For intercontinental ballistic missiles the US uses the Ground-Based Midcourse Defense (GMD). GMD missile-defense system was developed to intercept enemy warheads prior to their entry into the atmosphere. The system consists of ground-based interceptor (GBI) missiles based throughout the West coast of the US and a radar in the state of Alaska.
In the lengthy interview about Russia's military capabilities, Rogozin also mentioned Moscow's state-of the art tank.
"Speaking of tanks, we definitely have an advantage, because [the T-14 Armata tank] today leaves American and Israeli tanks, not to mention European tanks, behind in terms of technical characteristics."
First presented at the Victory Parade in Moscow on May 9, 2015, the mass production of T-14 Armata is expected to begin in 2018.
One of tank's main advantages is its fully-automated and unmanned turret, as well as HD cameras that provide an outside view. It is capable of moving at an estimated speed of up to 90kph, more than 20kph faster than the US mainstay Abrams M1A2.
The Russian military and Uralvagonzavod engineers also promise to turn the T-14 into a completely automated system that can be operated on the battlefield using only a remote control.
Russia Unveils First Image of Prospective
ICBM Set to Replace 'Satan' Missile
(October 25, 2016) -- Russia has unveiled the very first image of a new super-heavy thermonuclear-armed intercontinental ballistic missile, the RS-28 Sarmat. The Sarmat, designed to be fitted with a hypersonic glider warhead, is expected to go into production as early as 2018.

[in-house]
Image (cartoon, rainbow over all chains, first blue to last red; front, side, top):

The Sarmat is undergoing development at the Makeyev Rocket Design Bureau in the city of Miass. The first image of the new prospective missile was declassified by the bureau on Sunday.
A short statement signed by chief designer V. Degtar and leading designer Y. Kaverin accompanies the illustration.
"In accordance with the Decree of the Russian Government 'On the State Defense Order for 2010 and the planning period 2012-2013,' the Makeyev Rocket Design Bureau was instructed to start design and development work on the Sarmat.
In June 2011, the Bureau and the Russian Ministry of Defense signed a state contract for the Sarmat's development," reads the note on the bureau's website.
"The prospective strategic missile system is being developed in order to assuredly and effectively fulfill objectives of nuclear deterrent by Russia's strategic forces," the statement continues.
The missile's first stage engine PDU-99 was tested in August, while a hypersonic warhead for the upcoming ICBM was reportedly tested back in April.
The Sarmat is being developed to replace the RS-36M ICBM family -- dubbed 'Satan' by NATO -- which entered service in the 1970s and 1980s. The prospective missile, weighing at least 100 tons, features a large payload capacity -- reportedly up to 10 tons -- and is expected to have up to 10 heavy or 16 lighter warheads, or a combination of a number of warheads with decoys and other counter-measures to suppress enemy missile defenses.
The Sarmat is expected to enter service in late 2018 and completely replace the RS-36M family by 2020.